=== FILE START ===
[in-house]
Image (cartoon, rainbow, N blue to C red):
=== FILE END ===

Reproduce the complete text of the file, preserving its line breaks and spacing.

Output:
[in-house]
Image (cartoon, rainbow, N blue to C red):